Santa Barbara rose to prominence in the environmental movement after a massive 1969 offshore oil spill drew national attention to the issue and changed the industry forever. Since then, the city and broader region has been a leader in environmental awareness, even as it sits on massive fossil fuel deposits. With residents set to vote on an anti-fracking ballot measure Tuesday, the next evolution in that ongoing dynamic could be one of the biggest turning points yet.
“It’s no surprise that international oil giants have funneled money into the anti-Measure P effort,” Lauren Hanson, vice president of the Goleta Water Board and long-time area resident, told ThinkProgress. Goleta is located immediately next to Santa Barbara. “That this is so important to them — to take over beautiful Santa Barbara County at virtually any cost — is a demonstration of cynical corporate overreaching at its worst.”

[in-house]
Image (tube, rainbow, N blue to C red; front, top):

Hanson said the real surprise has been that the onslaught of industry money hasn’t discouraged residents, and that even if the oil companies win this round “they had better prepare for a long, long struggle here.”